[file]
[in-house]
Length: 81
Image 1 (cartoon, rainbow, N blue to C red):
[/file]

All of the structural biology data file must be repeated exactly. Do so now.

[in-house]
Length: 81
Image 1 (cartoon, rainbow, N blue to C red):